Here is a curse on the youths of Bethel, enough to destroy them; it was not a curse causeless, for it was Elisha’s character, as God’s prophet, that they abused. They bade him “go up,” reflecting on the taking up of Elijah into heaven.
The prophet acted by Divine impulse. If the Holy Spirit had not directed Elisha’s solemn curse, the providence of God would not have followed it with judgment. The Lord must be glorified as a righteous God who hates sin, and will reckon for it.
Let young persons be afraid of speaking wicked words, for God notices what they say. Let them not mock at any for defects in mind or body; especially it is at their peril, if they scoff at any for well doing.
Let parents that would have comfort in their children, train them up well, and do their utmost best to drive out the foolishness that is bound up in their hearts. And what will be the anguish of those parents, at the day of judgment, who witness the everlasting condemnation of their offspring, occasioned by their own bad example, carelessness, or wicked teaching!
Heb. na’ar, a child from the age of infancy to adolescence. It generally implies youth, but not always, for the word is used of Isaac when 28 years old (Gen.22:5), of Joseph when 39 years old (Gen 41:12).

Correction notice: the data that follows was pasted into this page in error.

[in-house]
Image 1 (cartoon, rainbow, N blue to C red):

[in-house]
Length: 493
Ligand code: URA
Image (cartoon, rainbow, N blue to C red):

Here the little children were the infidel young men of Bethel who were worshippers of the golden calf instead of Jehovah. It was God who sent the bears, and we have to believe that the offenders were worthy of such judgment.
The term bald head had no special reference to lack of hair, according to some authorities; it signified a worthless fellow. It was a term of contempt. Here it was equal to blasphemy of God for the young men mocked Elisha as a prophet of Jehovah, in contemptuous allusion to (the translation of) Elijah, which they no doubt denied and made fun of. The idea seems to be: Go up ( be translated) like Elijah, you worthless fellow!